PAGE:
Posts Tagged ‘subjectivity’

Children having children? Religion, psychology and the birth of the teenage pregnancy problem

April 5, 2012

From History of the Human Sciences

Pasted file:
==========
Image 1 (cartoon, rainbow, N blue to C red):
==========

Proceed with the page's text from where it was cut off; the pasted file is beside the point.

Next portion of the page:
In recent years the phrase ‘children having children’ has been used by politicians, academics, policy focussed NGO’s and Children’s charities to describe the worrying trend in the UK of rising teenage parenthood. This expression is not exclusively British and has been a recurring theme in the public discussion of ‘teenage pregnancy’ in the USA. Five decades after London County Council officers began separating ‘pregnant children’ from older women who conceived out of wedlock, governmental concern with ‘children having children’ persists.  This article explores government work with ‘unwed mothers’ and identifies the shifts associated with the ascent of governmental concern with ‘teenage motherhood’. There is much debate regarding young people’s bodily and mental ‘maturity’ in relation to parenthood. Much consideration fails to acknowledge the historical and cultural contingency of contemporary western notions of ‘teenage’. This article suggests as long as contemporary scientific claims regarding young people’s maturity go unchallenged, the ‘problem’ of teenage parenthood will persist.

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